This week, the automotive industry learned of the passing of former VW Group Chairman and legendary engineer, Dr Ferdinand Piech. In this article, AutoMate’s Harrison Boudakin takes a look back at some of his great engineering achievements, most notably the dual clutch transmission

In the cut-throat corridors of Germany’s automotive Valhalla, few individuals have ruled quite so definitively as the late Dr Ferdinand Piëch: grandson of Ferry Porsche, former Chairman of the Volkswagen Group, and arguably the single most dominant and pugnacious leader ever to run a car company.
Dr Piëch, who passed away in August aged 82, leaves behind an astonishing contrail of influence, blasted into the automotive atmosphere during a 55 year rise from lowly engineer to arch-autocrat, which saw genius innovation and raw product ambition mix in biblical proportions.
Notorious for his hard-line stewardship of the Volkswagen Group – leading it from near bankruptcy in 1993 through a combination of obsessive attention to detail and uncompromising managerial guile – Dr Piëch’s back catalogue of product wins in fact stretches right back to his early days at Porsche and Audi, when his penchant for pushing the engineering envelope was already on full display.
Take, for instance, the legendary Porsche 917: it may have nearly sent its parent company bankrupt, but it ultimately provided Porsche with its first ever Le Mans 24 hour victory – and it was the brainchild of Dr Piëch. So too was the fearsome Audi Quattro – the ground-breaking all-wheel-drive system which gifted Audi total podium dominance in world rallying for years, and paved the way for Audi to take on BMW and Mercedes with their pioneering work in turbocharging and aluminium body construction.

By the early 2000s and in full command of the VW Group, Dr Piëch had set the ailing German behemoth on its way to becoming the single-largest automotive entity in the entire world, acquiring and reforming Audi, Bentley, Lamborghini, SEAT, Bugatti and Skoda, primarily off the back of a remarkable platform-sharing plan that returned VW to profit and set a template that continues to be followed across the industry today.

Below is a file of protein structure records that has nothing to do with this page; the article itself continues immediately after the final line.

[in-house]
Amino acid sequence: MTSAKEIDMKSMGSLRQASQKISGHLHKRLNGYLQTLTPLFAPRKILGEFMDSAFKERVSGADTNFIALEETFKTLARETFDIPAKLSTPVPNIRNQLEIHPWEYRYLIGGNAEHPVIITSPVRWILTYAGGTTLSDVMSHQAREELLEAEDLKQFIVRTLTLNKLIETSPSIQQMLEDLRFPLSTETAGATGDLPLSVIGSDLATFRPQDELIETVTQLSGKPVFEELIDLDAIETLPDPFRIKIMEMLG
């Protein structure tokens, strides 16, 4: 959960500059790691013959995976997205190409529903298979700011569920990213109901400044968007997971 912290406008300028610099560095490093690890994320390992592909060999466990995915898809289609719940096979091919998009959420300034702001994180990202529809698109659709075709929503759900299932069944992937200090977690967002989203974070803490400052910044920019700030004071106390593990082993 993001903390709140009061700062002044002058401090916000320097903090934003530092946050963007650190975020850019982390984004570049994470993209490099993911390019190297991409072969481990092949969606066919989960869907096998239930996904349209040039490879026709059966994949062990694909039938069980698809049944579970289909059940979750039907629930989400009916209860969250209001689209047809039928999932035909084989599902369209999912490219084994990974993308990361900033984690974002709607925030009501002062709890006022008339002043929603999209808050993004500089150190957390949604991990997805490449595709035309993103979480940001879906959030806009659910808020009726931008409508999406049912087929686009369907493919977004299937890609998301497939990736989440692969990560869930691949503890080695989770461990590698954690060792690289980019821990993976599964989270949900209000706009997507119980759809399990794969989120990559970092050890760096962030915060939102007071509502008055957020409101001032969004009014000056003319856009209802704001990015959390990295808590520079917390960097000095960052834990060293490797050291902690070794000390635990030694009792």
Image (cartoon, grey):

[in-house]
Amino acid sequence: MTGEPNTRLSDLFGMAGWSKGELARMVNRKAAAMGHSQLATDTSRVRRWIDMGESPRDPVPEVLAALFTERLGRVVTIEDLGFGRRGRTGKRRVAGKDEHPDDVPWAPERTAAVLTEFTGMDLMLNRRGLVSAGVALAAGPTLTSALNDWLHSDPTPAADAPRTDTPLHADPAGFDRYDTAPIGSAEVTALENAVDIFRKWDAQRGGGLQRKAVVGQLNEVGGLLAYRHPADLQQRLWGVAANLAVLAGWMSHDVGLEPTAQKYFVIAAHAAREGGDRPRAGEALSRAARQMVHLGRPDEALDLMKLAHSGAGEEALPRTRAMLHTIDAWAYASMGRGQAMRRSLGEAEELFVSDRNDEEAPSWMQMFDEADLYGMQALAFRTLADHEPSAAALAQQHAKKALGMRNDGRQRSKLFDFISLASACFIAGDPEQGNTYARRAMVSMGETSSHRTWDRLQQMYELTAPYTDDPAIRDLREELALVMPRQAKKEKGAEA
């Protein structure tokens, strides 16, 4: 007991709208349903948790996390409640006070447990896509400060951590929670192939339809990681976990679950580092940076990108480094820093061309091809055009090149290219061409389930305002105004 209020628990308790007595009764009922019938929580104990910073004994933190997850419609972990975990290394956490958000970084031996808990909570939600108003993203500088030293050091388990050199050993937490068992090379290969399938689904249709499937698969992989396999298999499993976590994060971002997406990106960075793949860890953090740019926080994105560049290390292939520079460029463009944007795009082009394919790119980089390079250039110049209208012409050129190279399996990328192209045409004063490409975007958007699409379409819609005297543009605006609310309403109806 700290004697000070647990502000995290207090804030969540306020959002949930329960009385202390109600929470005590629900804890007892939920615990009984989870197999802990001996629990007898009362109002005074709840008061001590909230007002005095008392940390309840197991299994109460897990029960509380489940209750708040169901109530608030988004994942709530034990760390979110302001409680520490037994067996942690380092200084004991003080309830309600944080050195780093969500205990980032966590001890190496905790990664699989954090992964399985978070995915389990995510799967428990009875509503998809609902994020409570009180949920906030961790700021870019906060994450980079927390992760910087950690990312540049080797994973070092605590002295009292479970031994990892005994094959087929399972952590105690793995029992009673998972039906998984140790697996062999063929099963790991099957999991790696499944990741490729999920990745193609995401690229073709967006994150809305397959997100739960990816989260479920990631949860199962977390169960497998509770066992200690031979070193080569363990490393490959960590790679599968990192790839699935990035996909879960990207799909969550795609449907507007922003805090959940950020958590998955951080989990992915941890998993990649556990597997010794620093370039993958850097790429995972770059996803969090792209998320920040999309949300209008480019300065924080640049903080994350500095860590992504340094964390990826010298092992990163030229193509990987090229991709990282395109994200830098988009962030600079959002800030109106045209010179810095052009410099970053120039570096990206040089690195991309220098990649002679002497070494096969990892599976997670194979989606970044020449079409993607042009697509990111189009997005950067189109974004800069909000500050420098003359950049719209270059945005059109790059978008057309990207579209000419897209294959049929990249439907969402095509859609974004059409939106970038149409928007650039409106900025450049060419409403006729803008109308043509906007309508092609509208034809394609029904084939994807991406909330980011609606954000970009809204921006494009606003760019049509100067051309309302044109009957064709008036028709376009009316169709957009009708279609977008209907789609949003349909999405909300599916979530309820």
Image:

His most famous moment, though, was surely the Bugatti Veyron: the Concorde-like supercar that was nothing less than the fastest and most expensive car in the world. Rumour has it that when Ferdinand laid out the superlative objectives for the project, his chief engineer declared they were impossible. Unperturbed, Ferdinand simply fired him and half the other staff too, starting again from scratch and spending nearly a decade bringing the ultimate supercar to life. And of course, he succeeded.
Amongst this great pantheon of achievements, then, the fact Dr Piëch oversaw and encouraged the development of the first-ever dual-clutch transmission seems almost mildly insignificant – except, of course, for those who understand just how complex, remarkable and prevalent these DCTs have become.
Dual-clutch transmissions have found a home in road cars since 2003, when VW debuted the technology in the Golf R32 and the Audi TT. Yet the truth is that the DCT lineage stretches all the way back to the 1980s, when Porsche began experimenting with the concept in its 956/962 Le Mans sports prototype racers, under the guidance of – you guessed it – a certain Dr Ferdinand Piëch.